Black Freethought

This is a group for ALL interested in the subject of black atheism, freethought, & humanism. "Black" pertains to all people of African descent.

Members: 505
Latest Activity: 45 minutes ago


The photo displayed is of Harlem soapbox orator, agitator, popular educator, & atheist Hubert Henry Harrison.

Documentation of black atheism, freethought, & humanism on the web can be found in my atheist web guide.

See also my working bibliography.

I also have a general interest blog, Reason & Society.

Some of you may also be interested in some of my other projects, e.g. The Autodidact Project, my Studies in a Dying Culture (blog), and my Emergence blog. You can also listen to my podcasts: my Internet radio show is called "Studies in a Dying Culture," hosted by Think Twice Radio.

Discussion Forum


Started by Joel. Last reply by Deconverted Afro-Queen yesterday. 12 Replies

Prayer? Prayers do not come true!!

Started by Navitta Nelson. Last reply by Deconverted Afro-Queen on Friday. 13 Replies

New book about prominent black intellectuals

Started by Michael Lackey. Last reply by Regina Goodwin Dec 25, 2013. 4 Replies

Economics 101 for Slaves...

Started by Christina Marlowe. Last reply by Christina Marlowe Mar 18, 2013. 3 Replies

Black History Month: The Lesson We have Missed

Started by THE GRENADIAN FREETHINKER. Last reply by Sabrinabee Mar 7, 2013. 1 Reply

The Buddha was Black (and Bald)

Started by Eisel Mazard. Last reply by Donald T Sep 27, 2012. 1 Reply

William R. Jones, Jr., author of 'Is God a White Racist?', dies

Started by Ralph Dumain. Last reply by Donald R Barbera Aug 6, 2012. 1 Reply

Black Atheists of Atlanta

Started by LarryLager. Last reply by Alexander S. May 28, 2012. 23 Replies

Crystallis: From March Madness to April Anarchy

Started by Evil For All Time Apr 29, 2012. 0 Replies

Anyone go to the Reason Rally

Started by Eddie E. Hicks Sr.. Last reply by Tiffany Apr 5, 2012. 7 Replies

Comment Wall


You need to be a member of Black Freethought to add comments!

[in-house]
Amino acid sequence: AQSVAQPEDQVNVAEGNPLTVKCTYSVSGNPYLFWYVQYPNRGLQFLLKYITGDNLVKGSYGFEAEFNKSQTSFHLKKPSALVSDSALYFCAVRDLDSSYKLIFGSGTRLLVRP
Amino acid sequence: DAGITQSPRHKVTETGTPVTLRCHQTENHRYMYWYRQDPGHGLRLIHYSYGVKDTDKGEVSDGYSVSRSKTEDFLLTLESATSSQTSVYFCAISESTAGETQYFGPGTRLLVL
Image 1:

Comment by Ralph Dumain on March 9, 2012 at 2:17pm

Greetings again. I've been too busy to check in as often as I should. Just a few notes: (1) Some of the remarks on this wall could be starters for discussions in the discussions forum, such as "Beyond the Political Spectrum. (2) "Slavery By Another Name" was one of the best documentaries of the Jim Crow era I've seen, as it focused on an aspect of exploitation missing from many excellent earlier documentaries. (3) I arrived at the DC Day of Solidarity two hours after it ended, but many folks were still there. (4) I got a lot out of Black History Month, which for me is a year-round affair, anyway. One such endeavor was looking into poetry anthologies of the Harlem Renaissance era. (5) As far as freethought intellectual activity, I've been reading Ludwig Feuerbach, which has given me a whole new arsenal to draw on. (6) How many of you folks will be attending the Reason Rally in DC on March 24?

Comment by J. Sims on March 9, 2012 at 1:54pm
Comment by Daniel W on February 27, 2012 at 10:57pm

Joe, thank you for posting that link.  This was the most moving documentary I've seen in a long time.  It's a truly important, awful history, in the same category as the German holocaust in brutality and the collusion of an entire society against fellow human beings.  It brought tears to my eyes more than once.  Slavery, we have all learned about in some way.  Peonage is something I never learned about until now.